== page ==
Home Lifestyle ‘Vanilla sex’ is back but missionary doesn’t have to be boring

‘Vanilla sex’ is back but missionary doesn’t have to be boring


Vanilla sex is back (Picture: Getty Images)

When it comes to sex, missionary gets a bad rep.

Sometimes, you don’t always want to manoeuvre yourself into a complicated position – you just want something nice and easy that’ll get the job done.

It’s okay to have familiar favourites that you don’t like to stray from. Whatever works for you – and if that includes the missionary position, then have zero shame.

In fact, vanilla sex is back, baby. A recent Vogue article declared that being ‘beige in bed’ was hot again, referencing the lyrics to Jack Harlow’s TikTok famous song, Vanilla Baby, to prove the point.

So, Metro.co.uk caught up with Dr Louise Goddard-Crawley, a psychologist at conceivingconception.com, to dissect the missionary position, its benefits and how to make the most of it.

What are the benefits of the missionary position?

The missionary position is ideal for all the lovebirds out there who love feeling close together.

‘The face-to-face nature of the missionary position allows for intimacy, as partners can easily make eye contact, kiss, and communicate during the act. This closeness and intimacy facilitated by the missionary position can help partners feel emotionally connected and secure,’ Dr Louise advises.

And if you struggle with pain, missionary is one of the most comfortable as it doesn’t require extensive flexibility or strength.

‘Missionary can be easily modified to accommodate different preferences and needs, such as adjusting leg positions or incorporating pillows for support,’ Louise adds.

How can people get the most out of the missionary position?

If you’re trying missionary as a couple, it’s an ideal position to slow down and focus on building a connection.

‘Discussing feelings, needs, and desires can help partners understand each other better and foster a deeper connection,’ Louise reminds us.

‘So, perhaps sharing sexual fantasies (whilst in position) can be a vulnerable but rewarding experience. It allows couples to explore their desires together and potentially incorporate new elements into their intimate life, enhancing mutual understanding and pleasure.’

Meanwhile, it’s also a prime position to try techniques like edging – and these can actually deepen the pleasure.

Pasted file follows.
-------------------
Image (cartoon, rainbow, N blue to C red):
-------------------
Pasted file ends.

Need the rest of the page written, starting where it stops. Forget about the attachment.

‘Taking time to slow down and savour the intimate experience can help couples focus on the present moment and deepen their connection whilst in the missionary position,’ Louise suggests.

‘This can include techniques like edging or simply prioritising emotional intimacy before rushing to the “end.”’

Are there any drawbacks to the missionary position?

As with any sex position, if you constantly refer back to missionary, you might find yourself getting bored over time. So, consider switching it up every now and then (if you fancy.)

‘If the missionary position is the only one used, some couples may find it monotonous or less exciting over time,’ Louise advises.

‘And then, depending on individual physiology, the missionary position may not be the most effective or pleasurable choice for certain couples. For example, it’s not always the easiest position for a woman to achieve orgasm in. 

‘It also may feel more restrictive compared to other positions that allow for greater movement and range of motion. For some, the missionary position may place pressure on joints, especially the lower back and knees, potentially causing discomfort or pain for extended periods.’

Are we seeing so-called ‘vanilla sex’ make a comeback?

If you’ll pardon the pun – ‘vanilla sex’ is making a huge comeback. But, as Dr Louise reminds us, while there’s nothing wrong with liking things that are more conventional, it’s important to remember that kinks and fetishes that are considered a little more ‘unusual’ are valid too.

‘While there’s nothing inherently wrong with preferring more conventional, “vanilla” sexual experiences, it’s important to recognise that everyone has different preferences and desires,’ Louise says.

‘But we are seeing a shift in the conversation, with people challenging the idea that “vanilla sex” is somehow lesser or less satisfying than kinky or BDSM practices. 

‘Ultimately, it’s about respecting individual choices and fostering open communication between partners to ensure that everyone feels fulfilled and respected in their intimate lives.’

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